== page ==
[Histonet] brain fixation and native EGFP fluorescence

Charles Scouten cwscouten <@t> myneurolab.com
Wed Jan 4 08:56:35 CST 2006

See the following link for a through discussion of perfusion, and how to
avoid soft tissue shrinkage. 

Sucrose should be used as the prewash, not in the fixative, at least
until the tissue is mostly fixed.

Charles W.  Scouten, Ph.D. 
5918 Evergreen Blvd. 
St. Louis, MO 63134 
Ph: 314 522 0300 x 342
FAX  314 522 0377 
cwscouten <@t> myneurolab.com 

-----Original Message-----
From: histonet-bounces <@t> lists.utsouthwestern.edu
[mailto:histonet-bounces <@t> lists.utsouthwestern.edu] On Behalf Of Caroline
Sent: Tuesday, January 03, 2006 9:25 PM
To: histonet <@t> lists.utsouthwestern.edu
Subject: [Histonet] brain fixation and native EGFP fluorescence

Hello Everyone,

I have been using a viral vector to express EGFP in the mouse liver and
examining native fluorescence.  I generally fix the tissue by cutting
the liver into blocks, immersing in NBF and sectioning on a cryostat.  I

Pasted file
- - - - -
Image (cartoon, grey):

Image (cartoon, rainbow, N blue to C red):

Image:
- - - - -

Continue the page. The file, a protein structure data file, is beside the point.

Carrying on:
have gotten some really good results just looking at native
fluorescence.  I am hoping to extend this to the brain.  I have now
injected my viral vector into the striatum of a mouse and am set to
collect the tissue.  Since I am working with the brain, my natural
tendency is to perfuse, as I have always heard this is the best method
of fixing brain tissue.

Does anyone have advice in terms of picking a good fixative for
perfusion?  I have been reading about a lot of different fixatives for
the brain, one which includes sucrose.  I am familiar with sucrose
cryopreservation, but I haven't considered adding it to the fix.

Any suggestions would be appreciated.  If you have a suggestion please
include the formula.  Someone recently suggested a paraformaldehyde zinc
fix to me.  What are the advantages of this paraformaldehyde alone and
does anyone have a formulation for it?


Caroline Bass

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